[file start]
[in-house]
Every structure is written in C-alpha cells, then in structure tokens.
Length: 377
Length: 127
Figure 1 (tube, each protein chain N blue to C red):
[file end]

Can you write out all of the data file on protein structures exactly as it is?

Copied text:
[in-house]
Every structure is written in C-alpha cells, then in structure tokens.
Length: 377
Length: 127
Figure 1 (tube, each protein chain N blue to C red):